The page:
Record equity market highs were once again dominant in the U.S. as the domestic Standard & Poor’s (S&P) 500 closed above its January 2018 level. The upside comes as a positive surprise following the mild volatility in late July. As we gauge the risk landscape of the S&P 500, it appears that further upside seems possible when we consider the overall breadth of the market. Meaning, the capacity of equities that can rise to new highs is wider than that of January 2018, which implies that gains may be justified when we observe the market from a breadth and risk standpoint. We’re hopeful for such a potential outcome when we consider that just a handful of overvalued U.S. technology companies continue to remain responsible for a vast majority of gains within the S&P 500. As we step back from the U.S., however, and consider the notion of being a global investor, similar to how we are global consumers, it bares significance to note that the FTSE All World Equity Index has yet to come close to its previous high on January 2018. The act of global diversification is not something that has materially benefited investors on a year-to-date basis. In our opinion, that in itself should not be a deterrent of global diversification. Our historical analysis indicates that global diversification tends to exhibit long-term secular patterns of relative outperformance to U.S. markets. Various exogenous factors are embedded in that analysis that provide further insight on the length of each potential cycle and it also allows us to gauge the risk and return profile of each cycle, notwithstanding unforeseen uncertainties tied to geopolitics. Movements tied to the U.S. dollar, alongside rhetoric tied to open trade and immigration, are all factors that affect international assets. Most recently, the downside of the U.S. dollar in 2017 was a tremendous benefit for U.S. investors utilizing international diversification. That same exposure in 2018, however, has fallen victim to the fiscal policy rhetoric of protectionism and has resulted in a strengthening of the dollar. As mentioned earlier, this is simply a cycle that must materialize and play through. Timing such cycles tends to be a futile process that is best dealt with a proper risk management strategy and an ability to take advantage of opportunities during equity market volatility.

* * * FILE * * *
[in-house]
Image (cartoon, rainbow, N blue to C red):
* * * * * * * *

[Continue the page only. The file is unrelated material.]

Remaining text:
On the domestic economic front, existing home sales slipped for July relative to economists’ expectations yet the most recent reading remains above the YTD average monthly contraction. The gains in the early part of the year remained strong enough to provide a near-term boost. When placing the data in absolute numbers, the perspective of the housing market remains relatively positive in our view. A whopping 5.34 million units exchanged hands in July (annualized rate) and the trend appears to have slightly cooled down. As we gauge the housing market on a forward-looking basis, our assessment remains one optimism, especially over the next six months. Our base case catalyst for such a view stems from the upside potential in wage growth figures as well as the persistently positive sentiment of U.S. consumers. Fiscal policy has done little to further encourage the notion of home ownership and it appears that monetary policy has also done little to deter it, despite rising interest rates.
Minutes from the latest Federal Open Market Committee (FOMC) meeting indicated the Federal Reserve’s willingness to remain on an interest rate tightening path for the foreseeable future considering the strength of the economy. As of now, we believe such a strategy will do little to derail sentiment for home ownership.
Investment Policy Committee:
Investment advice offered through CX Institutional, a registered investment advisor.
The opinions voiced in this material are for general information only and are not intended to provide specific advice or recommendations for any individual. To determine which investment(s) may be appropriate for you, consult your financial advisor prior to investing. All performance referenced is historical and is no guarantee of future results. All indices are unmanaged and cannot be invested into directly. The economic forecasts set forth in the presentation may not develop as predicted.